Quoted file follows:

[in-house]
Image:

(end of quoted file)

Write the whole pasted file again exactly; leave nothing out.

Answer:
[in-house]
Image: